General Gration and the Obama administration must strike the right balance between incentives and pressures in order to lay the foundation for a political solution to the situation in Sudan. In broad strokes, the United States should present two options to the Government of Sudan:

Behind Door One: if the Sudanese government permits unimpeded humanitarian access, removes the indicted president, and secures peace in Darfur and the South, a clear process toward normalization will be mapped out. Almost all of the incentives for Sudan come in the form of more normal relations with much of the world: the lifting of sanctions, a return to more normal patterns of trade and diplomacy, and the other benefits that would naturally flow from Sudan achieving stability as a result of more equitable power-sharing.

Behind Door Two: if President Bashir and his party remain defiant by continuing to undermine efforts at peace for the country, a series of escalating costs will ensue, including diplomatic isolation, targeted economic sanctions an effective arms embargo, and, if necessary, eventual targeted military action.

If the benefits of Door One and the consequences of Door Two are meaningful, the chance for peace in Sudan increases dramatically. A menu of possible actions resulting in increased leverage over Sudan includes: isolating Bashir, strengthening crucial regional players, expanding economic sanctions and the arms embargo, effectively banning offensive military flights, and many more. The problem has never been about a lack of leverage, but rather the unwillingness to exert it. 

President Obama and members of his administration have spoken passionately about their intention to act boldly to end the crisis in Darfur and promote international efforts toward a peaceful future in Sudan. If the President himself treats the situation in Sudan as a strategic priority, sets objectives for U.S. policy, builds the necessary leverage, and invests in the diplomacy necessary to achieve an equitable and lasting solution, the administration has the chance to work for peace at a crucial juncture in Sudan’s history.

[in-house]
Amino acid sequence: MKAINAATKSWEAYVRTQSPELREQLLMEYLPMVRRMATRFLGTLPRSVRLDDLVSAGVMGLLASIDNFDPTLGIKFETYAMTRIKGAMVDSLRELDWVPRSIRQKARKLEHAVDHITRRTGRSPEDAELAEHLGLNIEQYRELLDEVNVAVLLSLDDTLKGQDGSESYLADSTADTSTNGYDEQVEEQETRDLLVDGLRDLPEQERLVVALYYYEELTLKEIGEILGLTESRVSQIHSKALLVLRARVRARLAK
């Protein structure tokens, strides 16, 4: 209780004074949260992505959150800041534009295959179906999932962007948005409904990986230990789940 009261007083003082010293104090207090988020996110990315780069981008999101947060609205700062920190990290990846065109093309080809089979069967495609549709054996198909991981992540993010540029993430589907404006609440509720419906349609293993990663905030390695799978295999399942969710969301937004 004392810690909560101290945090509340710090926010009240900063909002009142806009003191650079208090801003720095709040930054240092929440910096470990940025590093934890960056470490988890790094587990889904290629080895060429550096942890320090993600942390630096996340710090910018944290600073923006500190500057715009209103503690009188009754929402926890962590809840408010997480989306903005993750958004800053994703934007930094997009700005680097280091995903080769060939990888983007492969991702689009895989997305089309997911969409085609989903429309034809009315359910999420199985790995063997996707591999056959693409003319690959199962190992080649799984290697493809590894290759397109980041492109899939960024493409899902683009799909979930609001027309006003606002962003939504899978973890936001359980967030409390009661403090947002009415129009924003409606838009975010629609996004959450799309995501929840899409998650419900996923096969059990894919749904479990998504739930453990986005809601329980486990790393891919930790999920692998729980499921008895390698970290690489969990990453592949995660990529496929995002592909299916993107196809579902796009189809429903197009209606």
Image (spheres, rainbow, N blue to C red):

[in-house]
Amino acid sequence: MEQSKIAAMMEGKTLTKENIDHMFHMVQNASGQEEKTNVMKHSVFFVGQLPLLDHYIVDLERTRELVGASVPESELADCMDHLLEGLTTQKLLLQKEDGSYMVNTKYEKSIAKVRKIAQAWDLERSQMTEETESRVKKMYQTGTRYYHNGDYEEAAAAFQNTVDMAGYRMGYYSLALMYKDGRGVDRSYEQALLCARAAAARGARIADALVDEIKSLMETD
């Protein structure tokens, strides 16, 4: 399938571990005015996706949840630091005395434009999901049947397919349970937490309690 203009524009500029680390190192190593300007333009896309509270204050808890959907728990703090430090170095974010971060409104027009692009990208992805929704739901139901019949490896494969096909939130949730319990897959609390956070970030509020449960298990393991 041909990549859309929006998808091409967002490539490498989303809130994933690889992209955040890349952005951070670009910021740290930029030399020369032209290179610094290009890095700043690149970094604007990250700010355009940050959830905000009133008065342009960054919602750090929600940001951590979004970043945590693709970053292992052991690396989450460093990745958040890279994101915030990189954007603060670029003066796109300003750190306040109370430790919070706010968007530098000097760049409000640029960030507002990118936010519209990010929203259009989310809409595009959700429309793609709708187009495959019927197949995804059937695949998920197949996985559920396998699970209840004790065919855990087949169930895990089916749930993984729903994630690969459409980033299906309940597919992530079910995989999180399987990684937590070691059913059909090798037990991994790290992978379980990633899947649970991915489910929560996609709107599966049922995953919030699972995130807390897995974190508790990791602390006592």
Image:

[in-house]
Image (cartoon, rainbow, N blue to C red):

As outlined in this letter, the opportunities exist to fundamentally change the history of Sudan and bring about an era of peace and stability to a region of the world that has far too long been rife with conflict. President Obama has the tools at hand, but the anti-genocide movement also has an important role to play in order to provide the political will needed to carry out the bold course of action required. 

Take action today by sending a letter to President Obama asking for his urgent leadership to address the immediate humanitarian crisis in Darfur and to achieve long-term peace through a political solution for all of Sudan. Click here to take action by sending a letter to President Obama supporting the policy recommendations outlined in this third open letter, which maps out a practical blueprint for ending the crisis in Sudan. Continue to put pressure on President Obama by calling the White House by dialing 1-800-GENOCIDE to demand additional resources for the special envoy, and urging major press outlets to make sure that Sudan is represented and covered in the press.